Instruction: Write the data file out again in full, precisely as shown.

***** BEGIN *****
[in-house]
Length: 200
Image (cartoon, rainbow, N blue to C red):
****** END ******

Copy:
[in-house]
Length: 200
Image (cartoon, rainbow, N blue to C red):